We’ve had the pleasure of featuring works by Jin ah Jo in our Curio Cabinet!
Can you tell us a little bit about your work…
As a contemporary jewellery maker I like the materials used for my works to have their own original character and qualities.
Perforated mild steel I am using for my works are the most often used for industrial and architectural purposes. My work removes the steel from these manufacturing ideals into a creative form that can be worn. Yet I also strive to retain an element of the industrial in my designs marrying silver with the steel.
From last year I introduced more different patterns such as squares, rectangles and hexagons. Also I looked at other areas of the industry where contemporary jewellery has happily adopted various colours. Fashion for example uses colours to give a little more life and dynamism. So far I added colours such as flame red, French blue and Lemon yellow, which has enlarged the potential to express my ideas and emotions.
How do you find inspiration?
I am mesmerised by all the ideas about Deconstructed architecture and get inspired by it a lot. Through the studio practice I am trying to make unexpected, intricate but refined forms and structures by experimenting with reconstructing and deconstructing the forms familiar to us. Also the physical shapes and psychological meanings of my mother tongue, Korean is also my huge inspiration.
What draws you to the material? And can you tell us a little bit about your process?
Most of all I love the refined and determined black finish of this amazing material. When I first used mild steel I experienced quite a striking moment to find out that metal can be so dark black only by heating with fire without the aid of any sort of paints. Then it was so lucky for me to discover perforated mild steel deserted at the corner of hammering room and waited for being used. Becoming more and more used to the technique of sandblasting, heating, oiling and waxing the perforated mild steel, I found one architecture and industry material supply where I could encounter so many different patterns of perforations such as squares, hexagons, clovers, diamonds besides all different sizes of circles. The depth and subtlety of the works I can create with these various perforations on the base of matt black finish of mild steel is really enormous and joyful. Moreover by marrying sharp silver or gold square lining with black mild steel forms I have been able to realign the form of geometry.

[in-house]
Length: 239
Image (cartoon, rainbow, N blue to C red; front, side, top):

Where did you gain your skills? (Study, apprenticeship, self-taught, institutes etc.)
From the study years of doing my degree at Monash University, Melbourne till now I have been practicing the skills I need.
What’s your studio environment like? (I.e. At home, shared space)
I am one of the studio artists in NorthCity4 in Melbourne. Northcity4 is artist run initiative offering studio space and education programs to Melbourne’s Art, Craft and Design communities. Around 15 mostly jewellery artists are involved and through running jewellery classes, seminars, talks and workshops it has been contributing to the art, design and craft environment and seeking for sustainable environment. All the artists are very supportive of one another and through communicating with other artists I can get inspired and learn a lot.
What does the future hold for you? (Upcoming shows, new skills you’re interested in, what are you working on etc.)
I am developing a new range of rings with powdercoated mild steel and other metals (silver, gold) at the moment. The idea is based on the show “The Ring” at Studio Ingot gallery, Melbourne that I was involved in last year.
And lastly, what’s the most precious piece of jewellery you own?
The 24 ct gold ring band engraved with many patterns on the surface that I was given by my mother is the most precious piece of jewellery. My mother bought this when I became one year old, which is also a huge tradition in Korea to bless the baby’s life, health and happiness ahead. I am wearing this ring wherever I go and it has become my lucky talisman.
Check out more of Jin ah Jo’s work: